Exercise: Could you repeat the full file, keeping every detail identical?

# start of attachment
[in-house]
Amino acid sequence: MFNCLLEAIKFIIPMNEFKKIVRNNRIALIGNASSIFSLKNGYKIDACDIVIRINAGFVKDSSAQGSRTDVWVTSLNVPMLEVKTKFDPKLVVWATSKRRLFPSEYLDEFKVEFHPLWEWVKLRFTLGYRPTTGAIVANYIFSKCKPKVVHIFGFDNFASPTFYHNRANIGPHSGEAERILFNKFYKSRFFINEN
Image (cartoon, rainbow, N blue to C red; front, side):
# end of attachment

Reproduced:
[in-house]
Amino acid sequence: MFNCLLEAIKFIIPMNEFKKIVRNNRIALIGNASSIFSLKNGYKIDACDIVIRINAGFVKDSSAQGSRTDVWVTSLNVPMLEVKTKFDPKLVVWATSKRRLFPSEYLDEFKVEFHPLWEWVKLRFTLGYRPTTGAIVANYIFSKCKPKVVHIFGFDNFASPTFYHNRANIGPHSGEAERILFNKFYKSRFFINEN
Image (cartoon, rainbow, N blue to C red; front, side):